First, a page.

Morgan: Ruling should bring end to landfill litigation

Published 3:00 am Saturday, September 24, 2016


Coffee County Administrator Rod Morgan said the commission is gratified by a recent Alabama Supreme Court ruling and hopeful it will bring an end to litigation over the Brundidge landfill.

“It is unfortunate that this issue was taken to these lengths,” Morgan said.

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The court last week denied the City of Brundidge’s request for an appeal hearing. The city has been embroiled in legal battles for nearly four years in its efforts to prevent Brundidge Acquisitions and the Coffee County Commission from operating a Subtitle D landfill within the city limits of Brundidge.

The struggle for control of the Brundidge Landfill began on October 17, 2012, when the Coffee County Commission passed a resolution authorizing a $6 million expenditure to acquire the landfill located in Brundidge.

The landfill at the time was owned and operated by Transload America and was in bankruptcy proceedings.

In response, the City of Brundidge and the City of Brundidge Solid Waste Disposal Authority filed a complaint for a legal determination and legal remedy with the Circuit Court of Pike County on Oct. 30, 2012. City officials said provisions of state law forbid a county from acquiring property within the boundaries of a municipality and would, therefore, forbid what the Coffee County Commission planned to do.

“Coffee County sought from the beginning to partner with Brundidge and made two written offers for the purchase of the landfill prior to the previous owner’s bankruptcy,” Morgan said.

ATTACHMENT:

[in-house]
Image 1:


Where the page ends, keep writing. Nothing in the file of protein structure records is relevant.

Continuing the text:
Morgan said the two offers were made to a broker hired by TransLoad America’s creditors.

“As part of the offer, we had to submit any requested changes to the contract that was then in place between TransLoad and the Brundidge Solid Waste Disposal Authority,” Morgan said. “Brundidge had to accept or reject the proposed changes.”

Morgan said Brundidge rejected the first set of changes that increased the minimum guaranteed monthly royalty to the city from $4,500 a month ($54,000 a year) to $10,000 a month ($120,000 a year) and decreased the hours.

“We thought the city would responded to the financial incentive and that would, at least, spark negotiation so that we could move ahead,” he said. “But the city was not agreeable to the decrease in hours of operation.”

Morgan said a second proposal was made that maintained the same hours and fee schedule.

“It was my understanding that the city initially accepted the second proposal,” Morgan said. “However this offer was ultimately rejected as well.”

Morgan said both offers were submitted to the broker and the proposed changes were given to the City of Brundidge for its consideration.

“The city was aware of both offers as they had to make a decision on them,” Morgan said. “The creditors accepted the price with both offers. The reason neither deal closed was Brundidge’s refusal to accept the proposed modifications to the contract. The city declined both offers.”

Morgan said the Coffee County Commission also submitted an offer to the City of Brundidge through its attorneys during the litigation.

“This offer was submitted from our attorneys to theirs because that is the way such offers are generally handled in litigation,” Morgan said. “However, the city was certainly aware of the offer and indicated that the city was not interested in discussing a settlement.”

Morgan said the lengthy and costly litigation could have been avoided with the acceptance of the offers made by Coffee County.

“Hopefully, this decision by the Alabama Supreme Court will provide a basis for the city and county to establish a structure for the landfill’s operation that will benefit us all,” he said.